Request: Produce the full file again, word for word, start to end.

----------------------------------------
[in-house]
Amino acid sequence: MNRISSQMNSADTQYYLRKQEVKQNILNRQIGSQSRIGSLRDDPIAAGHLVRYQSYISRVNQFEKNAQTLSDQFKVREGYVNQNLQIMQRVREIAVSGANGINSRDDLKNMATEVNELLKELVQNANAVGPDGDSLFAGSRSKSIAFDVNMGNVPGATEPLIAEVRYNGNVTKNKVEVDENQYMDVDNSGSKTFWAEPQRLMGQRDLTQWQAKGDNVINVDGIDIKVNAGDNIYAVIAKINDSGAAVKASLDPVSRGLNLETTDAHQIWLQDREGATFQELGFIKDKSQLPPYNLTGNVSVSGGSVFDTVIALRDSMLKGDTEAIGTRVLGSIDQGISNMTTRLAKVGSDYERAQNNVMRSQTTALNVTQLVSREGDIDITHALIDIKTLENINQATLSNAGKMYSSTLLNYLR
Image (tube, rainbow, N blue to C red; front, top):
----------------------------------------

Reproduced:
[in-house]
Amino acid sequence: MNRISSQMNSADTQYYLRKQEVKQNILNRQIGSQSRIGSLRDDPIAAGHLVRYQSYISRVNQFEKNAQTLSDQFKVREGYVNQNLQIMQRVREIAVSGANGINSRDDLKNMATEVNELLKELVQNANAVGPDGDSLFAGSRSKSIAFDVNMGNVPGATEPLIAEVRYNGNVTKNKVEVDENQYMDVDNSGSKTFWAEPQRLMGQRDLTQWQAKGDNVINVDGIDIKVNAGDNIYAVIAKINDSGAAVKASLDPVSRGLNLETTDAHQIWLQDREGATFQELGFIKDKSQLPPYNLTGNVSVSGGSVFDTVIALRDSMLKGDTEAIGTRVLGSIDQGISNMTTRLAKVGSDYERAQNNVMRSQTTALNVTQLVSREGDIDITHALIDIKTLENINQATLSNAGKMYSSTLLNYLR
Image (tube, rainbow, N blue to C red; front, top):